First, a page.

In upholding the 20-month jail term handed the Toronto resident, who can't be identified, Ontario's top court said it saw no reason to interfere.
Court records show the mother of three, described as having "strong religious convictions," had returned home from work as a nurse to be told by her son that his 10-year-old brother had disobeyed her by taking food from the fridge and eating it.
The boy denied doing so. His mom ordered the older child to get the iron and plug it in.
"She then embarked on a lengthy interrogation of the victim in an effort to obtain a confession from him," according to the Ontario Court of Appeal decision. "No admission was forthcoming."
She then used the iron to scald her hapless child on one arm. When he still refused to confess, she burned the other arm.
Despite being a nurse, she neither provided nor sought any medical assistance for his second-degree burns. A gym teacher at school noticed the wounds and called police.
At trial, a jury convicted her of aggravated assault and assault with a weapon. The judge jailed her for 20 months in July 2013.
The mother had wanted the Appeal Court to cut the sentence to five months.
Among other things, court heard the woman, who showed no remorse for her actions, had no prior convictions and was gainfully employed.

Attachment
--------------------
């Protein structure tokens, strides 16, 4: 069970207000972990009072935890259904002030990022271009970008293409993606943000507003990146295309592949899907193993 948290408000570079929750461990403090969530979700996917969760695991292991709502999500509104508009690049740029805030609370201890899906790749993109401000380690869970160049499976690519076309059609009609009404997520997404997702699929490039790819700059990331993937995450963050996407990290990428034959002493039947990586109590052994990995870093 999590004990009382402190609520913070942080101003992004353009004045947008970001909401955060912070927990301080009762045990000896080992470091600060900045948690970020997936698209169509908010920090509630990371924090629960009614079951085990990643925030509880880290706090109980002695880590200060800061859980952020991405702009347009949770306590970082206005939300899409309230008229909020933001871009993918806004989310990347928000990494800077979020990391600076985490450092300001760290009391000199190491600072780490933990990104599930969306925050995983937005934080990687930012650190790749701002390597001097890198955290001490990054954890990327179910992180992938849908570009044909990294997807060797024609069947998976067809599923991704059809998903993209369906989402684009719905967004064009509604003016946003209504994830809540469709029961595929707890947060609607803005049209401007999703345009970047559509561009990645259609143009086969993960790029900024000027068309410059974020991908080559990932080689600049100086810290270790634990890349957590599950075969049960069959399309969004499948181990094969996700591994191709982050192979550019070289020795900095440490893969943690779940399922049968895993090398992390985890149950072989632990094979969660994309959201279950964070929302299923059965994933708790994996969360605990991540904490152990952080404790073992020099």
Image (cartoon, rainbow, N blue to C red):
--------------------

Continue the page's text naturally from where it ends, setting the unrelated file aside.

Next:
A psychiatric report described her as suffering from a personality disorder involving "substantial moral indifference and a striking lack of capacity for self-doubt."
In throwing out her sentence challenge, the Appeal Court rejected her characterization of what she had done as nothing more than "excessive discipline."
"This offence involved an egregious breach of trust, consisting not only of the abuse of a child of 10 years, but also of the recruitment of his older brother to bring the tools of that abuse to his mother, the abuser," the Appeal Court said.
The panel also rejected the argument that the woman, who had immigrated in 2006 from Nigeria, should be given less jail time because the higher sentence means she will likely be expelled from Canada.
Imposing a lesser punishment to avoid immigration consequences would simply not be appropriate given what she had done, the court ruled.